Linked by Thom Holwerda on Wed 14th Mar 2012 19:37 UTC
Internet & Networking Ever since it became clear that Google was not going to push WebM as hard as they should have, the day would come that Mozilla would be forced to abandon its ideals because the large technology companies don't care about an open, unencumbered web. No decision has been made just yet, but Mozilla is taking its first strides to adding support for the native H.264 codecs installed on users' mobile systems. See it as a thank you to Mozilla for all they've done for the web.
Thread beginning with comment 510683
To view parent comment, click here.
To read all comments associated with this story, please click here.
RE: Comment by RichterKuato
by judgen on Thu 15th Mar 2012 09:03 UTC in reply to "Comment by RichterKuato"
judgen
Member since:
2006-07-12

I agree with you, but i hope that that horrendouse x264 would be killed off soon for a less CPU/GPU intense standard. Damn, even an dual core atom can not watch even 480p mp4's in that format, and the powerbooks at 1.67ghz can neither. Bad sign of things coming... btw a 1080p xvid runs fine on both machines and filesize is no longer a matter as disk are dirt cheap, why insist on smaller filesizes when space and internet speeds is less of an problem?

Edit, also x264 is not and probably will not be supported in the near future (or ever due to licensing fees) on home theater systems, and even if they were so far none of them have to cpu power to play them well,

Edited 2012-03-15 09:04 UTC

Reply Parent Score: 1

wanker90210 Member since:
2007-10-26

One of the selling point of H.264 (sorry for being a pointdexter but x264 is the free H.264 codec/tool done by the VLC lads) compared to VP8 is that basically everything has hardware acceleration for H.264. If you don't, it could be extravagant settings that aren't h/w supported. Eg the iPhone only deals with baseline H.264.

Reply Parent Score: 1

RE[3]: Comment by RichterKuato
by Gusar on Thu 15th Mar 2012 11:22 in reply to "RE[2]: Comment by RichterKuato"
Gusar Member since:
2010-07-16

Eg the iPhone only deals with baseline H.264.

Not true, it can do high profile for quite some time now. While the Apple docs may say only main profile is supported, the iPhone and the iPad will play high profile video.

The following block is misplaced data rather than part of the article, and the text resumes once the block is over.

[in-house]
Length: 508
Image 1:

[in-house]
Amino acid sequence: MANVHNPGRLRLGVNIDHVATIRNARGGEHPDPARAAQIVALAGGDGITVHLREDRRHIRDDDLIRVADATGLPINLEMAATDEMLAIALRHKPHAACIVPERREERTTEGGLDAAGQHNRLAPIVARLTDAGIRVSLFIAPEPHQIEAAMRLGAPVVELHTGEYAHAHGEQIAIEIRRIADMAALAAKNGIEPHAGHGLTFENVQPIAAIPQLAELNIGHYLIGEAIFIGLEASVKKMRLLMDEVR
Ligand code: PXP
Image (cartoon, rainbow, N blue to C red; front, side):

Android phones will play high profile as well. This "devices only do baseline" thing is outdated.

@judgen: I don't know what you're doing wrong, but the single core Atom N270, thanks to hyperthreading, can play 720p high profile almost fluidly, there's only a few hiccups at bitrate spikes. So 480p shouldn't be a problem whatsoever.
I also have no idea what you mean by "will not be supported on home theater systems". What is such a system? If a standalone player that can play Blu-ray, you've got h264 support right there, because it's required for Blu-ray. If it's a HTPC you've put together yourself, either the integrated Intel graphics has a hardware h264 decoder, or you add a low-end Nvidia card which also has a hardware h264 decoder.

Reply Parent Score: 2

RE[2]: Comment by RichterKuato
by phoenix on Thu 15th Mar 2012 15:40 in reply to "RE: Comment by RichterKuato"
phoenix Member since:
2005-07-11

I agree with you, but i hope that that horrendouse x264 would be killed off soon for a less CPU/GPU intense standard. Damn, even an dual core atom can not watch even 480p mp4's in that format, and the powerbooks at 1.67ghz can neither. Bad sign of things coming... btw a 1080p xvid runs fine on both machines and filesize is no longer a matter as disk are dirt cheap, why insist on smaller filesizes when space and internet speeds is less of an problem?


It depends on the GPU a lot more than the CPU. H.264 really needs hardware decode functions.

My lowly HTPC (AMD Athlon64 1.something GHz, 1.5 GB RAM, Radeon AIW 9800) can play SD x264 videos without issues. Haven't tried 720p x264 videos as we don't have an HDTV of any kind.

You'd think that Intel would have some kind of hardware decode support for H.264 in their IGPs by now.

Reply Parent Score: 1

ViktorRabe Member since:
2011-12-30

It depends on the GPU a lot more than the CPU. H.264 really needs hardware decode functions.